Some diagnosticians who are familiar with the traits of high intelligence do use qualitative assessment, but there is no systematic process by which professionals can look for these traits in routine neuropsychological examinations. For example, the late Annemarie Roeper developed a qualitative scale for professionals to look for signs of high intelligence, but they are not used in routine neuropsychological examinations. Most professionals may only have the vaguest idea of what intelligence looks like and may use the IQ score as an absolute determiner while ignoring a respondent’s case history, cultural background, behaviour and previous performance on intelligence tests. A qualitative assessment tool that correlates well with IQ testing, but that can identify highly intelligent people whose disabilities or backgrounds interfere with traditional testing, can help ensure that people who need more enriching educational options or other support related to their learning receive it. It may be helpful to look at a related practice used for people on the other extreme of the normal distribution. When diagnosticians determine whether a person has an intellectual disability, they don’t rely on an IQ score alone. Similarly, identifying the educational needs of students who are too intelligent to thrive in standard educational settings must also incorporate assessment that goes beyond a full-scale IQ, especially if this full-scale IQ is derived from a test that combines tests of intellectual ability with other cognitive skills.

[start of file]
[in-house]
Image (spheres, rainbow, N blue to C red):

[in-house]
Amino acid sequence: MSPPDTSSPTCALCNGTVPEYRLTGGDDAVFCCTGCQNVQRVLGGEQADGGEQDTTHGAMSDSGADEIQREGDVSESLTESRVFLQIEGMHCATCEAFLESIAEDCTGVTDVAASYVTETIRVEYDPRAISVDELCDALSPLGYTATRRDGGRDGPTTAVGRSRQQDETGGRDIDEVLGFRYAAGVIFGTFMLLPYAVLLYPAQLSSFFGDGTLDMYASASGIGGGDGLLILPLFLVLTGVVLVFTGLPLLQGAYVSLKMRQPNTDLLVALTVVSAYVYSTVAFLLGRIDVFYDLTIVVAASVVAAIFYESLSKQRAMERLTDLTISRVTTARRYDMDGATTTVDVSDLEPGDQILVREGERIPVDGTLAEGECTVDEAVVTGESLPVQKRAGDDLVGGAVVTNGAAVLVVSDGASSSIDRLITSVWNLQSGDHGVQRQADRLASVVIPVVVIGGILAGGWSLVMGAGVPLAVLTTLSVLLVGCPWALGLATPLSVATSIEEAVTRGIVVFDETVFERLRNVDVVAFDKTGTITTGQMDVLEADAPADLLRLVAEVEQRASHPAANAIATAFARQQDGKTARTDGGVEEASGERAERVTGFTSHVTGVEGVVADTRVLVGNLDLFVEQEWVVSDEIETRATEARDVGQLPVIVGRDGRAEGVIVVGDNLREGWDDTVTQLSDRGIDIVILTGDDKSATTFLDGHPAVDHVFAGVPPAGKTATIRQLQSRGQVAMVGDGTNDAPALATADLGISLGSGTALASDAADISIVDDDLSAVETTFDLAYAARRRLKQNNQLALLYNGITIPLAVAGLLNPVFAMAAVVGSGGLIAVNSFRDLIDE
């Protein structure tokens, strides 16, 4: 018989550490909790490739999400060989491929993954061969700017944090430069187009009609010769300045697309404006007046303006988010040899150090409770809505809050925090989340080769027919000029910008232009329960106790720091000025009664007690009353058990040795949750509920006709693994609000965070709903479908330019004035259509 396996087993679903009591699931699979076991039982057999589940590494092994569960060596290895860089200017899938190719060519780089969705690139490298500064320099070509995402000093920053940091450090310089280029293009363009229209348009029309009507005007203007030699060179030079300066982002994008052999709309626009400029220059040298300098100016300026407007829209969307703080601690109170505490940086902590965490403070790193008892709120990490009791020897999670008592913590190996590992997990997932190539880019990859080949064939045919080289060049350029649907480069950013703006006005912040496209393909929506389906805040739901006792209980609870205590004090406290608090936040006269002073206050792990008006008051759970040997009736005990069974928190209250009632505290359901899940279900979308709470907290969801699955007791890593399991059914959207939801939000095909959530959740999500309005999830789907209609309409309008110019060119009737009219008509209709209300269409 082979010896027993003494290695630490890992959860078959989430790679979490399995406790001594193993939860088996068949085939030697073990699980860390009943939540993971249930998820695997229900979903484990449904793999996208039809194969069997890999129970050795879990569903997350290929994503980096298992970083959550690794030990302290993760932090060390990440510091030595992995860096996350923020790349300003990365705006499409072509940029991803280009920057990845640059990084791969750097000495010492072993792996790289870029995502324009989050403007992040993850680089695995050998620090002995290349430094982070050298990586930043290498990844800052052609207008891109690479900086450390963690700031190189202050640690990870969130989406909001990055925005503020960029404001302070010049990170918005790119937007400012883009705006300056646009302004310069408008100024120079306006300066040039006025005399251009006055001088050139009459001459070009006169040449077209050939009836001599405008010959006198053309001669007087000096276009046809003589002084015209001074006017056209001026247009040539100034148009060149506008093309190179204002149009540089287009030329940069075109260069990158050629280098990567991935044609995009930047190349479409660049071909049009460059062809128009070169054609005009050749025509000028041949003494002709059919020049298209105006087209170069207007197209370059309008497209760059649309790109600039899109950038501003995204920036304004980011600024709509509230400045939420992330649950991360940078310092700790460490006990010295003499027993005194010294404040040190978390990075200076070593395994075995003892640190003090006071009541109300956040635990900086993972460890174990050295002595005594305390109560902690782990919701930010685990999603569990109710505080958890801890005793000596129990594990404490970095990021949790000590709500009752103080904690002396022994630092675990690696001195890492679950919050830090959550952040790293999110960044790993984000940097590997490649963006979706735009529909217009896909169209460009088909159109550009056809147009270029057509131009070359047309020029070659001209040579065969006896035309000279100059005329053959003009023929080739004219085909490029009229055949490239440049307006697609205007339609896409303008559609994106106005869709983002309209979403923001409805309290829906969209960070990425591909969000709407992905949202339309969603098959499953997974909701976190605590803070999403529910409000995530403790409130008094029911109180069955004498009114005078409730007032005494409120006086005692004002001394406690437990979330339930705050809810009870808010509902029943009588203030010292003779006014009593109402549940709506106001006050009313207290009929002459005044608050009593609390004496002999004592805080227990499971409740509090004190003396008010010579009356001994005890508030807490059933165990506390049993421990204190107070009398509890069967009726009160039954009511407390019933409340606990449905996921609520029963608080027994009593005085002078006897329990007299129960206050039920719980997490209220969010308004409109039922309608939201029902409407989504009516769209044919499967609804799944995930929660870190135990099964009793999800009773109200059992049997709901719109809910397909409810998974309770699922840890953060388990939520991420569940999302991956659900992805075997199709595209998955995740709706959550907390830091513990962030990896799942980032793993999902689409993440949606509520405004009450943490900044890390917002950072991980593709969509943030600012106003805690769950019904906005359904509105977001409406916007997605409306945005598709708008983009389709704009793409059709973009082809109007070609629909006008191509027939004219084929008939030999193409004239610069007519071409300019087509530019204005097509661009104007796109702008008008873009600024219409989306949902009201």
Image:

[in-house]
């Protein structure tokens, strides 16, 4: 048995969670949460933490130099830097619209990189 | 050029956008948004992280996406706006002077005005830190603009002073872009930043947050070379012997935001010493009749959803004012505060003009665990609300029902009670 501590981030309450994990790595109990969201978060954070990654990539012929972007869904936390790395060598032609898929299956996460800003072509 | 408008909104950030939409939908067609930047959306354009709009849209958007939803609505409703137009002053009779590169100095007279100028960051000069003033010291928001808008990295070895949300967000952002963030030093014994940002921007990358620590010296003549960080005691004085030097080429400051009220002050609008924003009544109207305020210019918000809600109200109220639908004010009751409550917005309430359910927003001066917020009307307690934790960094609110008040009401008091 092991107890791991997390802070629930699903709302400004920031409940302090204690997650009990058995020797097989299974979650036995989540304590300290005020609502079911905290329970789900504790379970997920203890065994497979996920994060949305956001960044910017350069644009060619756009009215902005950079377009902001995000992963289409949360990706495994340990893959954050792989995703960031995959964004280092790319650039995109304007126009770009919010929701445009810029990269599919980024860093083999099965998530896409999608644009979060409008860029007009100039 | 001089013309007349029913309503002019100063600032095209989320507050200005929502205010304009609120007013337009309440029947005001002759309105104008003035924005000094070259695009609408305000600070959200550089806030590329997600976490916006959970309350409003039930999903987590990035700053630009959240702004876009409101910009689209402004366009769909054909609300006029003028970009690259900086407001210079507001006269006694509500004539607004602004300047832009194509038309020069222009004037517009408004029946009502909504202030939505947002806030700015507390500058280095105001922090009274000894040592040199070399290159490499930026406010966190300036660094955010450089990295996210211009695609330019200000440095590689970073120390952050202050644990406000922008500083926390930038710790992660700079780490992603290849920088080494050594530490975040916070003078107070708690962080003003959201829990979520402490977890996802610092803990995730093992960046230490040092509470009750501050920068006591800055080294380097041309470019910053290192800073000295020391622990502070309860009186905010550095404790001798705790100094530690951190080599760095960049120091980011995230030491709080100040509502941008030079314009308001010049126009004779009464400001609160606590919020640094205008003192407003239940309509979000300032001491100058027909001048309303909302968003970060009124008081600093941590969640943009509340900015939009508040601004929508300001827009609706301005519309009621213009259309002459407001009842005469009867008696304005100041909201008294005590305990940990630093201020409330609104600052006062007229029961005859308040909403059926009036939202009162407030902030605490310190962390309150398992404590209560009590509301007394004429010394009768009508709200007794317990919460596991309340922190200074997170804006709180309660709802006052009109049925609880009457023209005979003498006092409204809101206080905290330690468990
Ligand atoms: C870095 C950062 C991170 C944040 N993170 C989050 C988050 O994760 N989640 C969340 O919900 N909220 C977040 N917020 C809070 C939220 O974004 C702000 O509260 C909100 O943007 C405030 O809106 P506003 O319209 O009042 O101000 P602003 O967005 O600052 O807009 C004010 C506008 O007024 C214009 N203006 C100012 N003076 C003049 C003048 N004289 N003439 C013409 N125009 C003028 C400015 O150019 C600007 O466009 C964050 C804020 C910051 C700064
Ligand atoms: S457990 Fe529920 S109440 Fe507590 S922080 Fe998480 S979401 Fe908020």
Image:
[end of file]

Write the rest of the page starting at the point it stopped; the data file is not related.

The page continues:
I don’t think IQ tests are entirely useless, but the possibility of their producing false negatives in certain distinct populations should be a clarion call for researchers to develop a qualitative intelligence assessment that can replace or supplement traditional IQ testing.
Finally, I think Tony Kushner’s quotation from Angels in America is apropos:
…it should be the questions and shape of a life, its total complexity gathered, arranged, and considered, which matters in the end, not some stamp of salvation or damnation that disperses all the complexity into some unsatisfying little decision…
The context of the play may have been totally different, but the sentiment still fits: we cannot make decisions about people’s abilities based on a single score taken on a single day during a single point in someone’s life. Diagnosticians can, and should, use the ‘shape of people’s lives’ to assess someone’s intellectual capacity throughout the lifespan.
Linda Silverman’s Giftedness 101 (2013) has an excellent chapter on the identification and assessment of highly intelligent children and adolescents; it's the main source I referred to when writing this article.
Henry Schlinger’s The Myth of Intelligence (2003; PDF article) argues for assessing intelligent behaviour through qualitative observations, rather than relying on IQ tests that purport to identify a singular and isolated quality called ‘intelligence’. I actually found the article after writing this, but the themes it discusses are close enough to my own that I decided to link to it.